The G8: Humanitarian Failure and Making the World Safe for Corporate Power
It's hard to dismiss the temptation to write off the G8 meetings as a meaningless talkfest.
On the other hand, when the political leaders of the most powerful countries get together and issue joint statements, it may be worth looking at what these planetary stewards have in mind. This is particularly true at a time when new global crises -- skyrocketing oil prices, the spike in food prices, the impact of the U.S. recession and accelerating global warming -- are added to ongoing public health disasters and persistent global poverty.
Is it too much to expect the G8 leaders (the political leaders of the United States, Japan, Canada, Britain, France, Germany, Italy and Russia) to offer something meaningful in response to these problems?
With the G8 meeting in Hokkaido, Japan just concluded, the answer apparently is, yes.
G8 failures seem to fall into two categories: first, promise to do too little, and then renege on commitments made; second, promote harmful policies and projects.
In the first category comes the G8's statement on global public health. Following aggressive lobbying by public health groups, the G8 agreed to reiterate its commitment to provide universal treatment for HIV/AIDS. But the rich countries have not agreed to put the money on the table to achieve this objective. "The AIDS crisis in Africa is an emergency, and reaching universal access by 2010 will require a quadrupling of spending over current levels," explains Masaki Inaba of the Africa Japan Forum. "A restating of existing commitments is not a sufficient response by the G8."
The dominant public health need in the world's poorest countries is to restore the public health systems decimated by decades of International Monetary Fund and World Bank "structural adjustment" programs. The G8 leaders said only that they aim to "work toward" poor countries achieving the World Health Organization (WHO) target of 2.3 professional health workers per 1,000 people. (By contrast, according to WHO data, the United States has about 31 health workers per 1,000 people, and 56 per 1,000 if you include the category of "health management and support workers.")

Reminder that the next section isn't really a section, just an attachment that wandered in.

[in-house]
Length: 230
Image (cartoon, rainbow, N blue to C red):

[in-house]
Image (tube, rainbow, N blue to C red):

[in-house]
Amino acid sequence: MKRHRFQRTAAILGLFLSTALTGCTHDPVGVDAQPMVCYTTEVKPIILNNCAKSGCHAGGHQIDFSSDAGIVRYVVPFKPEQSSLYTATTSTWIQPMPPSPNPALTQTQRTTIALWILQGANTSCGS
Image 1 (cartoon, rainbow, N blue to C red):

Also in the first category is the pathetic G8 statement on climate change. Dragged down most of all by the anti-leadership of the United States, the G8 announced a commitment to a 50 percent reduction in carbon emissions by 2050. Well, a sort-of commitment.
The best science says the world needs at least an 80 percent reduction from 1990 emissions levels by 2050, and very likely more, so the G8 commitment is totally inadequate on its face.
But the G8 position is even more lame than it first appears. A statement from an environmental coalition including Friends of the Earth International explained the key flaws. "First, the G8 formula is a global cut," not imposing particular responsibility on the rich, high carbon-polluting countries. Second, "the cut has no clear baseline. It was revealing that in announcing it, Japanese Prime Minister Yasuo Fukuda initially said it was from 1990 levels, then had to take back that statement and subsequently mentioned a 2000 baseline." Third, the statement is not binding, and "indeed, the G8 announcement reinforces the G8 as a site for climate action that rivals the UN process [for climate change negotiations] and effectively subverts it."
In the second category of doing direct harm come many of the G8 recommendations in the declarations on the global economy and on food security.
The G8 leaders call for opening and deregulating financial markets, even as it is clear that financial deregulation has helped create the current global financial crisis.
The G8 leaders call for stronger patent, copyright and trademark monopolies. Remarkably, in a document purporting to address the key issues in the global economy, they make space to encourage rapid negotiation and completion of an Anti-Counterfeiting Trade Agreement, a deal that may hinder or criminalize peer-to-peer file sharing, require Internet Service Providers to limit consumers' web access, and interfere with parallel trade in goods (like Canadian drugs brought into the United States), among other problems.
The G8 leaders call for completion of the Doha Round negotiations at the World Trade Organization, aiming to further deepen reliance on a global food trading system that has driven the poorest people off their land and undermined developing countries' ability to feed themselves.
The G8 leaders also call for more aid for food-importing, poor countries -- to be delivered through IMF lending facilities that typically require countries to adopt more of the market fundamentalist mandates that have driven people off the land and undermined governments' capacity to assist the poor and pursue expansionary economic policies.
"I'm pleased to report that we've had significant success," said President Bush as the G8 summit concluded.
(c) Robert Weissman